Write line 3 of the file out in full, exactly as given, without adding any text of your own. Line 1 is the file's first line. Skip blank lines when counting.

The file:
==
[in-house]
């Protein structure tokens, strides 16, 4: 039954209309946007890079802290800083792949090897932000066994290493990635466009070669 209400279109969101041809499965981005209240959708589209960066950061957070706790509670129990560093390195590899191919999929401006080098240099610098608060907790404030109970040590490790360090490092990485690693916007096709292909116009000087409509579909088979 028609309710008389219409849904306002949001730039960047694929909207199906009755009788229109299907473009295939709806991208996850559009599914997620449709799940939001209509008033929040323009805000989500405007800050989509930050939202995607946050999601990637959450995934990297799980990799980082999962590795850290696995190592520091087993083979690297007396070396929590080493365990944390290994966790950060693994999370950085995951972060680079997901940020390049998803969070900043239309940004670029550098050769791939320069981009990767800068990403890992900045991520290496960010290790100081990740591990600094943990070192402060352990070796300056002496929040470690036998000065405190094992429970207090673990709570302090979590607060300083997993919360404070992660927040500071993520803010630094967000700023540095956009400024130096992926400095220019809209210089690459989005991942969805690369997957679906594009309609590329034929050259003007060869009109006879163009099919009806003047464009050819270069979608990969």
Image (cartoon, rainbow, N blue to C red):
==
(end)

Image (cartoon, rainbow, N blue to C red):